Recent weeks have seen the words “Cloud Computing” and “Entertainment Industry” merge into one thanks to companies such as Amazon, Apple, NetFlix, etc. touting their abilities to deliver entertainment via the Cloud. Companies such as Savtira Corporation offer them a platform to deliver it if they don’t have in-house. It was a race to get there…and now that we are there, we discover that the race is only beginning. Those of us who provide Cloud technologies know that this is nothing new, but to the general public, the word “Cloud” means something new. For the purposes of level-setting, let me define Cloud computing a bit for those who don’t understand fully what it is.
Dell defines Cloud Computing in the following way; “A style of computing where dynamically scalable and ofter virtualized resources are provided as a service“. The characteristics of Cloud Computing include:
- “Unlimited” processing and storage
- Abstracted / pooled resources
- Elastic: scale up or down
- On demand, Self-service
- Highly automated
- Consumption-based billing
The Entertainment industry is particularly well suited for Cloud Computing because their needs are often three-fold. First, they must create the content. Secondly, they must deliver the content. Third, they must store the content.
When creating a motion picture, commercial or other visual media that requires rendering (basically, putting all the files together to make the scene) that can create a challenge when locked into a single platform. However, when you build a rendering farm (a cluster of machines to do the work through parallel processing, etc.) you now have the ability to scale your compute / rendering power up or down, depending on your needs. I have seen many times where an animation studio or post-production house purchases this equipment as needed for a particular project
Many animation studios and organizations are now looking at GPU computing to decrease the amount of time it takes to actually turn the digital content into a finished product…taking a project that used to take hours, and drop it to minutes.
The next piece is around the process of delivery. When I want to watch online television or streamed movies through any number of providers, I am going…well…somewhere. Nobody (in the general public) really knows, but I am connecting to the source of the media through the Internet to a location that hopefully, is close to where I live (to decrease lag-time) and in in the background, the company that is providing the distribution service has (we hope) an architecture that will scale to meet the workload demand placed on it by those consuming the media. This is where Cloud really shines, and in following again with the “elastic” approach, your product can be delivered to any number of users seamlessly because the resources you are using to deliver the content can scale up and down as needed, based on the workload. For simple media such as audio content, you don’t need anything special. If you are delivering high-definition of 3D content, you would use a GPU computing solution which can handle the load of the files. If you find your workload is exceeding the capacity of your system, add more resources on the fly, and continue to scale-out. If your need to scale your infrastructure is only occasionally, build your infrastructure to “burst” to the public Cloud as needed.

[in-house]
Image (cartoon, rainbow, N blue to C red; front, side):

Finally, we need to be able to store the content. There are a lot of Cloud storage solutions out there, but the Entertainment industry is particularly keen on keeping their projects quiet until the date of release. To that end many entertainment organizations rely on internal storage for their projects. For active projects many organizations rely on fast, redundant, iSCSI storage such as the Equallogic, MD or Compellent storage platforms that allow them to protect their data against hardware failures while providing access to the files to many different servers and users at one time. For end-user access though (you and me), the requirements don’t necessarily need to be the same. Other than speed, many organizations use lower cost storage solutions that don’t have all of the features of redundant storage arrays. Backup solutions and application redundancy allow them to experience a node outage without impacting business.
Mobile devices make the delivery of entertainment more important every day. More and more people are “cutting the cable” and going to content on demand for their television. Music, movies and eBooks are all being delivered over the web to any number of platforms. The Cloud makes this possible, and should be an integral part of your infrastructure, ESPECIALLY if you are in the Entertainment industry.
Until next time, I’ll see you in the Cloud!